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Currently, 50% of the company's domestic auto steel output is comprised of high-tensile grades – 30% of which is 590-780mPa and the remaining 20%, of grades of 980mPa and above.
“However, increasing light-weighting needs among automotive manufacturers means we have to raise both the volume of high-tensile steel as a percentage of our total auto steel output and, within that, also boost output of the higher-end grades,” a Kobe Steel official told Steel First.
He noted that car bumpers generally use 1,270mPa steel, but they are expected to use 1,470mPa material in future. Similarly, the current standard grade of cold rolled sheet used for car frames is 980mPa, but 1,180mPa grade is expected to become the norm in the years to come.
“We do not plan to actually increase overall production, just adjust it to meet these upcoming needs,” the official said.
He did not disclose what the company's total auto steel output is.
However, the company has lifted output of high-tensile steel at its sole overseas auto sheet operation, Ohio-based Pro-Tec.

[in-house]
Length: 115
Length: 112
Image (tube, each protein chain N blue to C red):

The 50:50 joint venture with US Steel has started hot runs on a new 500,000 tpy continuous annealing line that will initially produce 590mPa sheet. It will eventually be able to produce 980mPa sheet.
Japanese automakers in particular are increasingly turning to higher-tensile steel as they look to make their models lighter in weight and more fuel-efficient without compromising on body strength.
Nissan, for example, said that it aims to use 1,200mPa steel in the production of up to 25% of all vehicle parts installed in its new production models from 2017.
Japan's Kobe Steel plans to raise the output percentage of its high-tensile automotive steel to 60% over the next three years amid growing demand from automakers.